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Eight Ways to Build a Better Process

(December 2000) posted on Wed Mar 28, 2001

Davis presents eight ways to build a better textile-printing operation, including a standardized procedure that ensures consistent quality from production run to production run.


By Rick Davis

With the drive for increased production efficiency and the popularity of specialty applications, such as high-density printing, the need for consistent and uniform stencil thickness has become more critical than ever. As printers attempt to print smaller and smaller degrees of detail and extreme levels of acutance, it's more important than ever to produce uniform and consistent stencils from screen to screen and job to job, regardless of the mesh count. For this reason, many larger shops have invested in automatic coating machines, which offer more control than manual emulsion coating.

3. Screen tension

Of all the procedures in the facility that impact quality, none is as crucial as the ability to deliver consistent and adequate screen tensions. Virtually every aspect of print quality is determined by the tension of the screen, including the following characteristics: hand (softness) of the print, total ink-film thickness, opacity, resolution, saturation of process-color prints, and registration accuracy.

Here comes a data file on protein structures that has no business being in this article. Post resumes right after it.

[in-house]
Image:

Besides influencing what you see in the print, screen tension also affects how you set other processing parameters, such as squeegee speed, pressure, and angle, as well as off-contact distance. These settings influence both print quality and production speed.

The key is to establish the minimum requirements that meet your quality standards. Document your tensioning (and retensioning) procedures, then make sure these standards are always applied. Every screen that goes to press should be in "new screen condition" if your procedures have been followed correctly.

4. Flashing temperature

As I have mentioned on many occasions, printers have a "more is better" mentality. This is why many do not study and standardize their flashing procedures, but simply run their flash units as hot as possible in the name of productivity.

When printing with higher screen tensions and thinner ink-film thicknesses, the need for higher flashing temperatures diminishes. The problems that are caused by excessive temperatures include scorched fabric, ink blistering, dye sublimation on synthetics, poor intercoat adhesion between different ink colors, and remelting of ink films.

I have seen flash units with digital controls set as low as 450°F (230°C)--1/3 of the unit's output limit--that still gel printed ink properly. By standardizing flashing procedures to run cooler rather than hotter, you can minimize the occurrence of troublesome variables associated with higher temperatures.

5. White-ink usage


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